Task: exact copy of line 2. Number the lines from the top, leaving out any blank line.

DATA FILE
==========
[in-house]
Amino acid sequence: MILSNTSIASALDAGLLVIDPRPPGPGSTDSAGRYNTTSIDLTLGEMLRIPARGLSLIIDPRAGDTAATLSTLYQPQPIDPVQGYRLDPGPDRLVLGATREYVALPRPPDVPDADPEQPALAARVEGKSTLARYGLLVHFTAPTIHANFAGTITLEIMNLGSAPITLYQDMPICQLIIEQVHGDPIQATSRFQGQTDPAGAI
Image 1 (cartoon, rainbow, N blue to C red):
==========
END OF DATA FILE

Amino acid sequence: MILSNTSIASALDAGLLVIDPRPPGPGSTDSAGRYNTTSIDLTLGEMLRIPARGLSLIIDPRAGDTAATLSTLYQPQPIDPVQGYRLDPGPDRLVLGATREYVALPRPPDVPDADPEQPALAARVEGKSTLARYGLLVHFTAPTIHANFAGTITLEIMNLGSAPITLYQDMPICQLIIEQVHGDPIQATSRFQGQTDPAGAI